Third, youíve got some free time, use it to enhance your resume. Once you have picked out the specialties in the local bar and started going to the meetings, a good way to start a conversation and to get to know some lawyers well is to ask them if there is anything out there in their field they think would make a good article (start small, like the bar association newsletter, or the sections ABA newsletter). Most everyone will have an idea, and some folks may want to write about something but not have the time, there is where you come in, you help do the research and the writing and get co authorship, or you write it yourself. These donít have to be long, and can be something as  simple as a case note on a recent case that affects that specialty. Section newsletters are always desperate for something to publish, even if its just a few pages. You donít have to be an expert to do this, but it does build your creditability within the section if you can do it a few times. Its also very attractive to firms, firms like to have their lawyers publish on stuff so they look like experts.

Basically my advice is you need to change your job searching methods, your too far removed from school to keep trying what you would do as a new grad. Your emphases now should be A) making contacts, B) creating a portfolio of work you have done showing your skill set, and C) publishing or finding other ways to stand out from the crowd.

Talk to local law schools in your cities career services offices. Most schools have reciprocity, means you can use their services and job bank/listing even if you did not go to school there. Call and see what you need to do to get access to their listings.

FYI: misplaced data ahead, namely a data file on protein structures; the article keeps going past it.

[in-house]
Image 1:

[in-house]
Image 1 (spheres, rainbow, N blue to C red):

None of this is as easy as mail merging and mass mailing resumes, but thatís not working for you. So change up your methods of looking for a job, do things that make you stand out from the crowd, get involved in the legal community and make connections. Its not going to be easy, and it means work on your part beyond checking craigslist, but its how people find jobs, and from my personal experience how people find GOOD JOBS. 80% of the available legal jobs out there are unadvertised positions, they are filled by referral and word of mouth recommendations. Most people will only turn to putting an add in the paper if they canít fill the position from recommendations first.  Even more so in this economy, the days of filling all your vacancies by just hiring everyone in your summer class are over. Also donít forget that partners often bring people in to work under then outside on the traditional OCI route. You need to tap into that hidden job market, and the suggestions above will help you do that .

Finally get a copy, either from the library or buy its used if you have to of the latest edition of Guerilla Tactics for getting the Legal Job of Your Dreams. It has a lot of good ideas, resources, and things you may not have thought of, it WILL help you on your job search. But the key here is putting yourself out there as an active job searcher rather than a passive job searcher. Everything you do from this point on should be focused on creating contacts and building up your portfolio of work, get a few publications on the way and you will be even more attractive. Just because youíre out of school and passed the bar does not mean you should not always be adding things to your resume.